SIGNIFICANT AMES 1860-DATED LIGHT CAVALRY SABER

$1,850.00 SOLD

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Item Code: 490-2637

This 1860-dated Ames light cavalry saber stands a very good chance of having been carried by a Virginia Confederate cavalryman. Of approximately 1,400 made that year and delivered to the U.S. government between mid-February and Jan 11, 1861, 1,200 (particularly from among those made from March to September 1860) were forwarded to Virginia at the direction of U.S. Secretary of War, and native Virginian, John B. Floyd. By his direction, they were inspected by U.S. government inspectors, with the state reimbursing the cost.

This is a very good example with full leather wrap and wire binding in place on the grip, a nice patina to the brass, blade pad in place, and blade with sharp markings, smooth metal, good edge and tip, and a mix of muted silver with some dark gray spots, but no pitting. The brass hilt has a nice untouched, mellow patina, no bends or breaks, and is tight. The pommel has an undisturbed peen to the blade tang, and clear block “J.H.” and script “W.A.T.” inspector stamps. The grip is very good and has its original complete leather wrap and wire binding. The leather shows some very minor wear to the finish just below the pommel, but no unpleasant flaking or exposed wood. The wire is tight.

The blade pad is in place under the guard and the blade shows smooth metal, largely bright with some scattered gray spots. The point and edge are good. The reverse ricasso has the Ames three-line block letter stamp reading: “AMES MFG.CO. / CHICOPEE / MASS.” The obverse is correctly stamped “US / G.G.S. / 1860,” since even those going to Virginia were examined and marked by U.S. inspectors. The scabbard is in good condition with throat, ring bands, rings, and drag in place. It is brown overall, generally smooth, but with some crustiness on the drag obscuring any inspector stamp. The upper ring band loop shows some nice wear from the sling ring, indicating the saber spent a long time suspended at a trooper’s side.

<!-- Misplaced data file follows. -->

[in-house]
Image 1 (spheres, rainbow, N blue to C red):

As mentioned above, and noted by Thillmann and others, the U.S. government inspection and acceptance markings are correct for these sabers, even those transferred to Virginia. We have seen these 1860 dated sabers marked by Ames with both the 3-line block style and the banner style address.

This is an interesting and historic sword, its pre-war date tying in with the secession crisis of 1860, and one that was obviously issued and saw service, but survives in good condition nevertheless. This would make a great addition to a cavalry, edged weapons, or purely Ames collection. With the strong potential for Virginia and Confederate use it would also fit in with a Confederate cavalry display. Secretary of War Floyd was a native Virginian and, given such arms transfers on the brink of war, later thought it might be best not to be taken prisoner at the surrender of Fort Donelson. See Thillmann, Cav. and Art. Sabers, 80-81, for details on these significant sabers.  [sr] [ph:L]

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